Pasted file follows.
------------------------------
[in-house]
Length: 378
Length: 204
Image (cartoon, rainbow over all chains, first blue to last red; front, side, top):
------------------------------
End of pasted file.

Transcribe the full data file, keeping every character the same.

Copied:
[in-house]
Length: 378
Length: 204
Image (cartoon, rainbow over all chains, first blue to last red; front, side, top):